Who is it for?
As in: Who is your customer?
It’s a necessary question to go along with: What are you creating?
And it should be asked before each meeting and before each task, privately or out loud, as a gentle reminder for you or the group because it’s just far too easy to forget.
We start creating for the right reasons, for a patient, or an employee group, or another department … and then the bureaucracy gets jealous, and it’s a strong jealousy, and soon enough decisions are being made not in the best interest of the customer, but for the purposes of satisfying the bureaucracy—that nebulous nonsense everyone despises yet everyone works to please.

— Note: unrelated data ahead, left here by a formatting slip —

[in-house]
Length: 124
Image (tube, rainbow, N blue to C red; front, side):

It turns what we do into check-the-box exercises.
Development efforts are turned into a check-the-box exercise because there has to be a process to ensure it’s happening. Improving employee engagement efforts become a check-the-box exercise because the approach must scale. Improving the patient experience becomes a check-the-box exercise because there’s a right way to do it. Innovation becomes a check-the-box exercise because there must be a business case.
And don’t even start with the budget.
All because we forgot who it was for.